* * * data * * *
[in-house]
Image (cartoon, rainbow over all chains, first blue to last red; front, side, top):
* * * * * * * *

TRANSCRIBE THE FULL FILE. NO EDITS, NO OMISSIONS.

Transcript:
[in-house]
Image (cartoon, rainbow over all chains, first blue to last red; front, side, top):